When I travelled in a taxi across Dublin two years ago with Declan McGlinchey to accompany him to a family funeral I had no idea how close he was to his own. He was 37 then, dying the last thing on his mind.
Even when being treated for the cardiac arrest that claimed his life, he told the medics attending him that he was suffering from wind not heart trouble, he was too young. Given the funerary occasion in Dublin our conversation focussed on death and the terrible and almost incomprehensible pain that a suicide in particular can leave in its wake.
On our journey that day both to and from the Blanchardstown laying to rest of his aunt, Anne, we discussed many things. He held views that were not wholly conversant with protocol but were no less plausible for that. I sensed something of the rebellious spirit of his father in him.
I had known his father in the H Blocks, whose intellect and discourse completely defied the media characterisation of him. “Mad Dog” MacAdam was never a term used by the media to describe RUC torturer Ronnie MacAdam, shot dead by the IRA in June 1976. In the skewed media culture a police torturer was an upstanding member of the community while those who shot them were mad dogs.
Declan McGlinchey died last month aged 39 from a heart attack, attaining roughly the same limited life span as his late father who was gunned down in Drogheda in 1994. Declan, unlike his younger sibling Dominic, on that occasion was mercifully spared witnessing the killing. He was not so fortunate the night his mother’s killers came to take her life while she bathed both her sons before putting them to bed, his skin peppered with the hurtling shards of enamel liberally dispersed by bullets striking the bath in which he sat.
An experience like that coupled with the wholly turbulent lifestyle forced upon the brothers by the ever increasing need of their activist parents to be on the move, hardly lent itself to a settled lifestyle. Yet somehow both boys managed, maturing into parents in settled stable relationships where they fathered eleven children between them.
Not too long after an early November Sunday midnight I was awakened by a phone call from his brother. The ring tone hauled me out of a sleep and I was about to hit ‘cancel’ but sensed that Dominic never called me so late. His words, “Our Declan’s dead” seemed surreal, far removed for what is permissible or probable. Our happy ending penchant leads us to turn hope into anticipation. Someone who had been denied so much in terms of his parents’ lost lives should at least have a chance to live his own in longevity and to the full. But that’s not real life, where outcome often falls far short of expectation.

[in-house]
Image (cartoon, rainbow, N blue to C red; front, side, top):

I met him for the first time a few years ago when he came to see me in Drogheda. He wanted me to speak at a commemorative event in South Derry for his late mother and father. I found him considerably less laid back than his brother Dominic whom I had known much better: more impulsive and less reflective. He once told me of an experience in Spain when a prominent drug dealer from South Derry walked into the toilet of a bar Declan had been drinking in. Declan followed and punched the dealer, breaking his hand in the course of meting out a brand of rough justice. He described the Spanish jail he spent the night in before charges were dropped as unpleasant and painful. The cell was putrid and the hand was throbbing but he was unwilling to seek treatment in case the condition of his hand was proffered as evidence of unlawful contact with the dealer's head. Impulsive, but shrewd.
When I did speak in the Bellaghy graveyard in 2013, he was accompanied by his family. One of his young daughters read out a poem in memory of her grandparents. Now she would be coping with the loss of her father.
Declan McGlinchey was an active republican. Like his father before him, he was a member of the Provisional IRA before going on to join the INLA. What his involvement in either amounted to I do not know. Although questioned on a number of occasions by the PSNI and on one occasion charged with an explosives offence, later dropped, that is merely evidence of PSNI suspicions, not culpability on his part.
It was the Republican Socialist Movement that buried him to a cacophony of unionist voices. He had been used to that throughout his younger life and were afterlife a possibility it would not be too hard to envisage him smirking at the thought of sour faced unionist politicians like Jeffrey Donaldson being disconcerted by a republican funeral.
Much too soon, like his parents before him, he made the final journey in a flag draped coffin. A life cut short by natural causes that emerged from a history that was anything but natural or normal.